But this year's crop of self-funders has more going for them than lots of money. They're also able to highlight successful business records to voters hungry for a better economy and resentful of those currently in office because of the economy's slow growth and stubbornly high jobless rate.
A recent ad from Brunner exemplifies the self-funders' strategy as he criticized former state treasurer Sarah Steelman and six-term Rep. Todd Akin.
"While John Brunner was adding over a thousand manufacturing jobs, politicians Todd Akin and Sarah Steelman were manufacturing debt," said the ad.
Veteran GOP strategist Wes Gullett, of Phoenix, said anti-incumbency fever is still the most important factor in this year's primaries, and that's giving Cardon and the other self-funders an opening.
"Since 2008, we've been looking for change. Every election now is about: 'Have you been there, and are you part of the problem? Or are you part of the solution?'" said Gullett, who was John McCain's deputy campaign manager in 2000. "Whether you've been there two years or 12 years, you're handicapped when you're running in that environment."
Cardon has lent his campaign more than $6 million so far and had nearly $2.4 million in the bank at the end of June. The slew of television ads he's financed has forced Flake and his allies to spend some of their money attacking Cardon rather than saving those resources for a tough fall campaign against Democrat Richard Carmona.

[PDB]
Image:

Sens. McCain and Jon Kyl have endorsed Flake. McCain also voiced concerns that the negative primary in Arizona was hurting the GOP's prospects in the fall. Cardon disputed the notion and called the warnings hypocritical given the ads the two senators have aired in their previous elections.
Cardon has attempted to take advantage of the disdain for Washington by running ads attacking Flake for reversing himself on term limits and for shifting to the right on illegal immigration.
In Missouri, Brunner's rise has come as his campaign has spent nearly $7 million through mid-July — with almost all of that money from the candidate himself. Meanwhile, Akin's and Steelman's spending totaled about $3.7 million.